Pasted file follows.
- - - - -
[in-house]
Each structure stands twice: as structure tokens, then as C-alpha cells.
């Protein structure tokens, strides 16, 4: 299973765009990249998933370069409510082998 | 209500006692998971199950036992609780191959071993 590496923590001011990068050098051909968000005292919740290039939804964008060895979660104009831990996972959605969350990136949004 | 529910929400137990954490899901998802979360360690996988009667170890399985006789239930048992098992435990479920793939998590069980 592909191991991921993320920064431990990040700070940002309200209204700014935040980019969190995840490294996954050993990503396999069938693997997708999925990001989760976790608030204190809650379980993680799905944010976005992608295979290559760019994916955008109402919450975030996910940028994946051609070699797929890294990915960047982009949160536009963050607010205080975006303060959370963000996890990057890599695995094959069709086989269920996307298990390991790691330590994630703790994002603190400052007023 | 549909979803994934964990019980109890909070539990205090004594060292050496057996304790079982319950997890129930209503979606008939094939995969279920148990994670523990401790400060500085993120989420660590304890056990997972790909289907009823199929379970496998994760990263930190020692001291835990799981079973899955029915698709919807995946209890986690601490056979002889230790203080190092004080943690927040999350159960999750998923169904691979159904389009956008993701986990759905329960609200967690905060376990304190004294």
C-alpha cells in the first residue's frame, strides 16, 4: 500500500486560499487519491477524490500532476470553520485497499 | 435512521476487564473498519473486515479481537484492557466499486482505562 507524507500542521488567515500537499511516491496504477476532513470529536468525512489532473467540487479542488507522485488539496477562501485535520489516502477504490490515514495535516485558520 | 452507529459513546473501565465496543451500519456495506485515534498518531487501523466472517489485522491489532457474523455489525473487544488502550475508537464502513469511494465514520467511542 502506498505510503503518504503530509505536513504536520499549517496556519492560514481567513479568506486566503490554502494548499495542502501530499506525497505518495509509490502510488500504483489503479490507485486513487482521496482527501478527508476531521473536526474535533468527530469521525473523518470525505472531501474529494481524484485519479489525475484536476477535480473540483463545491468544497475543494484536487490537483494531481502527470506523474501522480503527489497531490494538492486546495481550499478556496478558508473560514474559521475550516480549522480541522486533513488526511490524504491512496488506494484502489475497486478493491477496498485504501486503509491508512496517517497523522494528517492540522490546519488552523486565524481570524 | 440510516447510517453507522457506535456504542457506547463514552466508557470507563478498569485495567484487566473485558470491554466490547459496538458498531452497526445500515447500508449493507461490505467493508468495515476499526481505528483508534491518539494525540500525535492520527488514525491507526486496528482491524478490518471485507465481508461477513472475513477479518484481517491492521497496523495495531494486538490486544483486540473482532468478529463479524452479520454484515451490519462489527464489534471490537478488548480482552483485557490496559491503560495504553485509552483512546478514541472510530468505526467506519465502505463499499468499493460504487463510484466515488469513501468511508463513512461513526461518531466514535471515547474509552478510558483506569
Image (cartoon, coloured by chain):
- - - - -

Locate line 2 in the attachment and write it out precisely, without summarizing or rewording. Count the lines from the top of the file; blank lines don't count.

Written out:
Each structure stands twice: as structure tokens, then as C-alpha cells.